We’ve all heard the old saw, “It’s a poor workman that blames his tools.” Let’s think about that for a minute. Does it actual mean that a skilled craftsman can do great work with shoddy implements?
Well, can a chef make a souffle with a skillet?
Can a cabinetmaker round an edge with dull router bits?
I’m not going to rule it out. Perhaps there’s a brilliant chef who—at this very moment—is preparing to introduce the world to the “skiffle.” And, it’s possible that one could coax a dull router into making a better quarter round through care, attention, and good speed control.
Going by the odds, though, I’d bet on scrambled eggs and splinters.
Like a lot of old sayings, this one doesn’t make much sense in it’s usual interpretation. Most people take this proverb to mean that you should be able to turn out top-notch work with whatever tools you’re given. It’s an excuse for bad tools, or lack of interest in improving them.
This homily dates back to a time when workers would bring their own tools to the job, leading to the popular origin story for the phrase “getting sacked”. (No comments about mÃ¸Ã¸se bites, please.) Some crafts have evaded the assembly line, and in those, craftsman still bring their own tools. Chefs bring their prized knives. Fine carpenters bring their own hand and bench tools.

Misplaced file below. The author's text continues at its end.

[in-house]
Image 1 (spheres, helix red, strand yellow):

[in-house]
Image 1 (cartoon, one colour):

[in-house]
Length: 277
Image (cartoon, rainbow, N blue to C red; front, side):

There is a grain of truth in the common interpretation that good tools don’t make a good workman. There’s another level of truth under the surface, though. The 13th Century French version of this saying translates as, “A bad workman will never find a good tool.” I like this version a lot better. Tools cannot make one good, but bad tools can hurt a good worker’s performance. That sounds a lot less like “quit whining and use whatever’s at hand,” doesn’t it?
On the other hand, if you supply your own tools, you’re not as likely to tolerate bad ones, are you? I think this is the most important interpretation. Good workers—if given the choice—will select the best tools and keep them sharp.